MBT – Dental Researcher

MBT – Dental Researcher


I’m Nathan Cochrane, I’m 29
years old and I’m a dental
researcher. My job covers
the structures and diseases of the teeth, jaws
and the mouth. I have a full-time job
at the University of Melbourne doing teaching and research. One day a week I work at
Victoria Barracks as a civilian
dentist… ..doing the full range
of clinical dentistry. The other four days a week,
or my main job, is as a research fellow
at the University of Melbourne, which involves my research
in the laboratory about the chemical process
of tooth decay, and novel chemical treatments to
reverse the tooth decay process. So, we all know what dental
caries is, but it’s worth
touching on again. And I’d also spend time
teaching undergraduate students that are either training
to be dentists or training to be dental
hygienists or therapists. At school, I loved chemistry, and I was seriously considering
doing chemical engineering and
commerce as my university degree. In the end I chose dentistry
because there are dentists in
the family. Halfway through my undergraduate
training as a dentist, I deferred for one year
and did a research degree. That project was largely looking
at the chemistry of tooth decay, and it sort of
lit the research bug in me. So that got me back to the
University of Melbourne, and
I’ve finished a PhD aiming to reverse tooth decay
chemically, rather than mechanically
replacing a filling. We still need
to put fillings in because there are certain stages
of tooth decay that are too advanced
for us to reverse, but it’s picking up that early
tooth decay and reversing it
chemically that, I suppose,
I have a passion for. On a day-to-day basis
in the laboratory, I may make up different
solutions to remineralise teeth, or I may prepare human enamel
specimens and cut the teeth up to make little blocks that I can
try different experimental
techniques on to repair tooth decay
or to create tooth decay and study the process. So I do some
analytical chemistry, and also some
remineralisation experiments, where we use human teeth and try
to restore the tooth back to
health. Dentistry is a very
exciting field to be in because it is
constantly evolving. New technologies are coming in and new ways of dealing with the
old problems are being
developed. It’s bringing in a lot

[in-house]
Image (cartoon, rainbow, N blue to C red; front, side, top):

of really exciting science, and resulting in
better outcomes for patients. It is good fun. I do love teeth – bit daggy to admit, but I really
love the clinical side of things
– but I also like teaching. Dentistry is a great degree because it teaches you a little
bit about a lot of things. A dentist needs to understand all the material science
of placing a filling, the structural integrity of
teeth, sort of some engineering
components, and all the medical field
of health as well. I think, in any career,
you’re only confined by the way that you’re thinking
of your career. Really, if there’s something
that you love that is related to
your career, there’s no reason that you
can’t chase down that path and increase the amount of time
you spend in a week doing one particular part
that relates to your career. In my case it’s the chemistry
that I love, and it’s the tooth decay process
that I’m very interested in. So I’ve headed off
down that path, and it’s been
a very rewarding path so far. The travelling opportunities
have been fantastic. The main tooth decay conferences
are in Europe, and so, reasonably frequently, I head over to Europe
to present our research, which is very well regarded
around the world. The Australian
population is aging. We have a lot of people that have had a lot of dental
work done over the years, and they’re getting to the point
now where teeth are breaking
down. There is a shortage of dentists
at the moment, and there is a need for more. I do love my job. It’s lovely when work isn’t
something that you just do. I go to work
and I do really like what I do. I love the people
that I work with, so going to work every day
is not a hassle. It’s something I enjoy doing. My partner may say that I spend
a little bit too much time thinking about it
outside of work hours, but I think that’s one of the
problems if you love your job.

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